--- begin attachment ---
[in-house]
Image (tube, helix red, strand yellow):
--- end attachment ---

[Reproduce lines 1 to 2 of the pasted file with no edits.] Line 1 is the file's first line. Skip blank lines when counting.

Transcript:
[in-house]
Image (tube, helix red, strand yellow):